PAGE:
02/20/2023 Venice → Bruxelles 

I woke up excited. After not being allowed to leave Italy for the last nine years of my life, I was finally going to experience a quintessential Italian teenage rite of passage: a school trip abroad. 

On the bus ride to the airport, trap music was blasting from the speakers brought by classmates and everyone, excited, was screaming at the top of their lungs. I, in the meantime, was sitting alone, with my face turned towards the window. Two distinct, but equally important, thoughts kept my mind busy – one was whether my first Belgian waffle should be topped with banana and nutella or strawberry and chocolate; the other was what excuse I should make up if my classmates noticed that my passport was different from theirs.

Once at the airport, we quickly moved through the security. I stood somewhere in the middle of the line. Holding my document upside-down under my ticket, I hoped no one would notice. A little while went by and it was my turn to show my identification to the officer. Wearing a white shirt with a blue blazer on top, she checked my ticket first. She looked at me, then at the document. When she noticed the huge golden “Travel Document For Refugees” inscription on the cover of the blue passport, her initial smile suddenly faded away. Perplexed, she reached for her landline and dialed a ten digit number on it. From what I could overhear, she expressed her doubts regarding the validity of the passport she was holding in her hands, like she had never seen one before. Frozen and embarrassed, I waited, with my sight cast to the gray ground. I looked over my shoulders, and, there being only two open stations at the customs, I could see the line behind me getting longer. The line was also getting quieter, as people started wondering what was going on. Closing my eyes and staring at the dark, I knew what was about to come, and I wasn’t ready to face it. After talking on the phone for another three minutes, she ended the call, handed me the ticket and the passport, and wished me a safe flight.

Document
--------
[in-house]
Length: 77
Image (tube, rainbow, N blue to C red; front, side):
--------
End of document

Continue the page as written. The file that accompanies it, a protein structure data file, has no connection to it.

Suddenly, I was back, surrounded by my classmates again. Curious to know why it had taken me so much longer than everyone else, they swarmed me with questions. I lied. 


01/18/2024 Barcelona → Los Angeles 

After spending a day exploring the streets of Barcelona, it was finally time for me to fly back to the place I now call “home”. There was just one remarkable obstacle between me and my final destination – the airport customs. Expecting the Spanish officers to be unfamiliar with the passport I was traveling with, I stepped foot into the airport four hours before my flight. Unable to check-in for flights online with my refugee travel document, I was taking my papers from my backpack while waiting in the line to get my ticket.  Little did I know that this simple task would have turned into a 45-minute interrogation. Everything escalated when the officer noticed that my citizenship, Ukrainian, did not correspond to the country that issued my passport, Italy. After I patiently tried to explain to her that people with refugee status are not allowed to have the passport of their country of origin, she looked at me skeptically and left her station to consult her manager. Once again, alone, I found myself staring at the void. With my passport taken away and no ticket in hand, I was instructed to enter a small, stuffy room – no windows nor decorations, just a white desk and two chairs, with a Spanish flag hanging on the wall. The officer came into the room a few minutes after I did, telling me that she had contacted the Italian Embassy in Barcelona to verify my identity.